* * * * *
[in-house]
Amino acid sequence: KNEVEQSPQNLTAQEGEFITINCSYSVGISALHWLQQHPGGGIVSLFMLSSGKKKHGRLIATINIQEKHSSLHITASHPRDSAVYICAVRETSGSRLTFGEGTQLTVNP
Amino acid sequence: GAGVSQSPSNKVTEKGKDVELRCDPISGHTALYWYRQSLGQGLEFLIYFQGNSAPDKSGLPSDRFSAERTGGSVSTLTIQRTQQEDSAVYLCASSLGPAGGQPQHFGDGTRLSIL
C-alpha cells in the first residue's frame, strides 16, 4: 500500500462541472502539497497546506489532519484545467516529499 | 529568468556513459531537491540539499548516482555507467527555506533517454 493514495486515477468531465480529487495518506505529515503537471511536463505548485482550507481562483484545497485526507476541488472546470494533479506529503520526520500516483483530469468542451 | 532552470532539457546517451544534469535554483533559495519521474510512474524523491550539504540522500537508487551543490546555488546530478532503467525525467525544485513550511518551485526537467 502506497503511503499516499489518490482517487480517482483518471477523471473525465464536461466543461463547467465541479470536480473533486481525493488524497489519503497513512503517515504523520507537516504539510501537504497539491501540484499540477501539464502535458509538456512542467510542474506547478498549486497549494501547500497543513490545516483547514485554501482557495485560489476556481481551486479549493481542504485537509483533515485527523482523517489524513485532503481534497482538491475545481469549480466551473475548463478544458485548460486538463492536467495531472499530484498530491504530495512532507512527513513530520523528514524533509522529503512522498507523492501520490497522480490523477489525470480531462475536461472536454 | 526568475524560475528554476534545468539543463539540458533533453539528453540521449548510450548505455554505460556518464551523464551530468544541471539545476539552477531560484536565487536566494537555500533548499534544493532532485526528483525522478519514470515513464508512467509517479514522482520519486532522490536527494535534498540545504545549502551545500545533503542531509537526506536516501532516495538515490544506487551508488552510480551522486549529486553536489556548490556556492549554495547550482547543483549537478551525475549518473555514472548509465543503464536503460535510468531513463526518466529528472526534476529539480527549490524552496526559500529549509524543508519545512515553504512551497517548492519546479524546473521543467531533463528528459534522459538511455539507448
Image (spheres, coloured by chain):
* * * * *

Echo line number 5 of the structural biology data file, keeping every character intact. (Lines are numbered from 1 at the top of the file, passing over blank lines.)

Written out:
Image (spheres, coloured by chain):